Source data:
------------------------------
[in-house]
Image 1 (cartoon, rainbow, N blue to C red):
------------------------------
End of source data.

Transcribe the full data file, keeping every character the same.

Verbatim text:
[in-house]
Image 1 (cartoon, rainbow, N blue to C red):